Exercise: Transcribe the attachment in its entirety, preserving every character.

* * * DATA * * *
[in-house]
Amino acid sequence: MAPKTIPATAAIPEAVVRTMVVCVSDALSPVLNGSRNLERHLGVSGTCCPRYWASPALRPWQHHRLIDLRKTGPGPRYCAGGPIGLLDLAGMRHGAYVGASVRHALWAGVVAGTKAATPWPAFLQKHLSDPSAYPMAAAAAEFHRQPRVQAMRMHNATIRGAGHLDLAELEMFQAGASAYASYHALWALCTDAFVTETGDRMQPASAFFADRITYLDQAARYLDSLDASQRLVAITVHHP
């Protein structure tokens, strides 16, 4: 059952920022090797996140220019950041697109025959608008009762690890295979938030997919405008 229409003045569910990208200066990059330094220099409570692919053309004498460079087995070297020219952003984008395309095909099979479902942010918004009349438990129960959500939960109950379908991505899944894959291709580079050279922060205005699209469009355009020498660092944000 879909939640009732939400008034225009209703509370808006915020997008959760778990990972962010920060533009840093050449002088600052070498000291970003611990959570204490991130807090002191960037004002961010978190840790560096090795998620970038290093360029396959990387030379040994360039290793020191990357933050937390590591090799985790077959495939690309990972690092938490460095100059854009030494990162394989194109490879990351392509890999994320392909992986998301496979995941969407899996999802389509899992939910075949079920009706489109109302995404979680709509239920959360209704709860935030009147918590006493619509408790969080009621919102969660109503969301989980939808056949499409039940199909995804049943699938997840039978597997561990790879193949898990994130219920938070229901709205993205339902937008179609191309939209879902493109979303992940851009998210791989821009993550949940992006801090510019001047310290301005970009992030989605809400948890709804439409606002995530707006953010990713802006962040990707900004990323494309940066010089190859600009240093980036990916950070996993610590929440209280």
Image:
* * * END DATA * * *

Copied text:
[in-house]
Amino acid sequence: MAPKTIPATAAIPEAVVRTMVVCVSDALSPVLNGSRNLERHLGVSGTCCPRYWASPALRPWQHHRLIDLRKTGPGPRYCAGGPIGLLDLAGMRHGAYVGASVRHALWAGVVAGTKAATPWPAFLQKHLSDPSAYPMAAAAAEFHRQPRVQAMRMHNATIRGAGHLDLAELEMFQAGASAYASYHALWALCTDAFVTETGDRMQPASAFFADRITYLDQAARYLDSLDASQRLVAITVHHP
């Protein structure tokens, strides 16, 4: 059952920022090797996140220019950041697109025959608008009762690890295979938030997919405008 229409003045569910990208200066990059330094220099409570692919053309004498460079087995070297020219952003984008395309095909099979479902942010918004009349438990129960959500939960109950379908991505899944894959291709580079050279922060205005699209469009355009020498660092944000 879909939640009732939400008034225009209703509370808006915020997008959760778990990972962010920060533009840093050449002088600052070498000291970003611990959570204490991130807090002191960037004002961010978190840790560096090795998620970038290093360029396959990387030379040994360039290793020191990357933050937390590591090799985790077959495939690309990972690092938490460095100059854009030494990162394989194109490879990351392509890999994320392909992986998301496979995941969407899996999802389509899992939910075949079920009706489109109302995404979680709509239920959360209704709860935030009147918590006493619509408790969080009621919102969660109503969301989980939808056949499409039940199909995804049943699938997840039978597997561990790879193949898990994130219920938070229901709205993205339902937008179609191309939209879902493109979303992940851009998210791989821009993550949940992006801090510019001047310290301005970009992030989605809400948890709804439409606002995530707006953010990713802006962040990707900004990323494309940066010089190859600009240093980036990916950070996993610590929440209280």
Image: